The Fourth of July is generally a time for Americans to get together, watch fireworks, and celebrate our nation’s independence. But in the period since 1776, the United States has also repeatedly sought to help other nations achieve their own independence and liberty, sometimes through war. The recent 75th anniversary of D-Day reminded us that the United States played a key part in dismantling fascism, and over subsequent decades, helped transform nations such as Germany and Japan into free, stable democracies. The United States has certainly had some important feats over its 243-year lifespan that helped free others from oppression.
For readers interested in the history of United States engagement in the Pacific, this is a good time to get caught up on the Cornell University Press backlist!
In recent months, I have signed a tide of wonderful—deeply researched, fluidly written, smartly argued—new books on U.S. foreign policy and military engagement in East Asia and Southeast Asia in the post-World War II era. New books are coming in fall 2019 and spring 2020 from Oliver Charbonneau, Sangjoon Lee, Katherine Moran, Thomas K. Robb and David James Gill, Nancy Shoemaker, and Colleen Woods. Their work will change how we look at the U.S. role as a Pacific power in the 19th and 20th centuries and so got me to thinking about trends in our historical analysis of events like World War II, Bandung Conference, and the Vietnam War. The bundle of backlist books I have selected is a wonderful mix of histories of U.S. strategy, foreign policy, civilian engagement, and military action in the Pacific. These are the books which the new wave of works if carrying forward, and so are necessary reading for everyone who follows the influence of the U.S. in the broad Pacific region.
On Veterans Day, the nation thanks those who have served honorably in the United States armed forces in both peacetime and wartime. It should also be a time to remember that not all of the veterans of America’s foreign wars wear uniforms.
Civilians serve too.
Modern warfare, especially the counterinsurgency and nation-building missions that the armed forces have been called upon to perform in recent years, requires a range of civilian expertise. This can involve base management or intelligence analysis. It has also meant going outside the wire to be part of Provincial Reconstruction Teams, which work to bolster the performance of local governments as part of ongoing nation-building missions. This work is vital to the military’s exit strategy, and hence getting the troops home.
As I show in my book To Build as well as Destroy: The American Experience of Nation-Building in South Vietnam, civilians have been deploying to war zones for a long time. In fact, the practice reached its postwar height in the Vietnam War. This is something it is easy to miss if we rely on the standard history books and movies to gain our understanding of the war.
As well as a brutal guerrilla war, Vietnam was also a war of nation-building. The issue over which the war was fought was the governance of South Vietnam. Would it be united with Communist North Vietnam, or would it develop an independent, non-Communist government? The latter was the U.S. preference, and over the course of the war over ten thousand civilians deployed to Southeast Asia to try to shape the development of South Vietnam’s government to enable it to defend itself from the Communist challenge.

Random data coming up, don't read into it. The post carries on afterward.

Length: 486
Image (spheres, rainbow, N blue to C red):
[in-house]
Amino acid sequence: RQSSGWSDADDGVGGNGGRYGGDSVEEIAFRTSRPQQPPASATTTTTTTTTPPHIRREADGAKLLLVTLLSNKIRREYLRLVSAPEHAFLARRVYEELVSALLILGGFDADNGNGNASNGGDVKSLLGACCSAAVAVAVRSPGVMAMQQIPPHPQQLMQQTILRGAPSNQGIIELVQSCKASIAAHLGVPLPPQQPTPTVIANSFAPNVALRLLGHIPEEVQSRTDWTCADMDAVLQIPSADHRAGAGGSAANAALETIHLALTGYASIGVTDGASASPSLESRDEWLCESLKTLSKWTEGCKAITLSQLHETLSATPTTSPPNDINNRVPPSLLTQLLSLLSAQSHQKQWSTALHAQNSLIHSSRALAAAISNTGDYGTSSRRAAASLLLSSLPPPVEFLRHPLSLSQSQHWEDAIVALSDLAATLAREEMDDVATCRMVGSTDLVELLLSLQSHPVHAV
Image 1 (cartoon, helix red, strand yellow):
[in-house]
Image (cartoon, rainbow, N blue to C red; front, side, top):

They came from a variety of backgrounds and agencies – the State Department, the CIA, the Agency for International Development, even the Peace Corps. In the early years, some hitchhiked from postings elsewhere in Asia to join the nation-building mission. Many were inspired by the ideals of development with an almost missionary zeal – they wanted to save the people of South Vietnam from the corruption, mismanagement and brutality of their own government. They often served deep in the countryside, where no American had ever gone before.
As American involvement in the Vietnam War expanded in the late 1960s, this nation-building apparatus grew in size as well. In 1967, the Johnson administration created the Office of Civil Operations and Revolutionary Development Support (CORDS) to expand the nation-building mission. CORDS was headed by a civilian, and throughout its ranks thousands of military and civilian personnel worked side by side on the same mission, being exposed to the same dangers and writing each other’s efficiency reports. Its “sandwich” structure meant that civilians gave orders to military personnel and vice-versa.
It was an experiment without precedent in American history and has not been repeated on such a scale since.
Civilians who have served in war zones have faced some unique burdens, both during the Vietnam War and today. They are all volunteers who usually must be granted permission by their host agencies to go overseas. Often these agencies see such deployments as a distraction from the “real” jobs their employees are supposed to be doing at home, and so serving can be harmful to careers. As a result, the military has often struggled to attract enough volunteers. As of July 2018, 70% of the necessary positions for civilians in Afghanistan were unfilled.
So, this Veterans Day, spare a thought for these “expeditionary civilians”. They often serve in the shadows, and some pay the ultimate price. They deserve to be honored, too.
About the author of this blog post: Dr. Andrew J. Gawthorpe is Lecturer in History and International Studies at Leiden University in The Netherlands. He has written for publications including Stars and Stripes, Foreign Affairs, and more.